Despite having heard hundreds of drumming ruffed grouse over the years, this bad boy was the first I have actually seen displaying. It was an awesome experience.
The thumping started slowly at first, then steadily gained speed, sounding like a small motor just starting up. My grandkids were enthralled by the sound and all three quizzed me about the source. It was a ruffed grouse male, I told them, making the sound, called drumming, by rapidly beating his wings. He did it, I continued, to impress and attract females.
That part was easy. I have heard hundreds of ruffed grouse drumming. I had also spent a number of mornings the last several years unsuccessfully trying to actually see a drumming grouse.
This time though, the grouse was lovesick enough that he drummed almost incessantly. I slowly closed the distance, my head swiveling like a radar dish, listening, adjusting and moving a few steps each time he drummed. Then, through an almost impenetrable screen of brush, I saw him standing on a giant fallen aspen trunk. As I peered through the bushes, he stood erect, flapped his wings slowly several times and then, for a few seconds his wings were nothing but a blur. For the first time, I had actually witnessed a ruffed grouse drumming.
Later, I spent hours in a blind hoping to photograph him but he seemed to know I was there. I could hear him drum on a nearby log and as soon as I left the blind, I could tell that he returned to what I considered his primary perch. In desperation, I set up my GoPro Hero 5 camera, walked away and monitored progress via an app on my phone. After some trial and error and the discovery that GoPro batteries don’t last very long, I was ready. With me gone from the site, the grouse was soon back to business. I initiated the GoPro and while the GoPro recorded the event, I watched the action on my phone in fascination. Not only was I seeing a displaying grouse, I had video to prove it.
Back at camp, I noticed fresh piles of dirt recently pushed up by a pocket gopher, a fossorial mammal that lives its life almost completely underground. That makes them very hard to see and I have only actually seen one or two pocket gophers before. Just the day before though, I had explained to my grandkids how the pocket gopher is responsible for “earth worms”, those long tubes of soil found each spring snaking along on top of the ground after the snow melts.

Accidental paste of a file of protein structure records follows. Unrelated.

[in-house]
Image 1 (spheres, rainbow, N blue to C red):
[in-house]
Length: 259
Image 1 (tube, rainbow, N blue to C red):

I decided I wanted to see this animal and patiently waited by the freshest unplugged hole. Like the grouse though, it seemed to sense my presence. Exasperated, I finally set up the camera, turned it on and walked away for 20 minutes. When I returned, the dirt pile had grown and this time the hole was plugged. Could I have captured the gopher in action? I quickly grabbed the video card and headed to the trailer and my computer. About in the middle of the file I had caught the pocket gopher, a creature seldom seen, perfectly.
Despite many years of wandering and looking at plants, on a short hike with the grandkids I was amazed to find a large and unique wildflower, the western peony; a plant that I had never noticed before. I say noticed because according to the guidebook, it is a common plant, one that I have likely seen and just glossed over. Identifying this one and adding its photo to my collection was thrilling.
These three experiences, over the course of just a few days, were a reminder that nature is amazing. Despite everything we know and think we know, it still holds far more surprises, hidden wonders and enthralling delights than three lifetimes could ever see.